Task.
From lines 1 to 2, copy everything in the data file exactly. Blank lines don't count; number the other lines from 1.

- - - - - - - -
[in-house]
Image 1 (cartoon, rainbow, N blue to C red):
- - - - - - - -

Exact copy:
[in-house]
Image 1 (cartoon, rainbow, N blue to C red):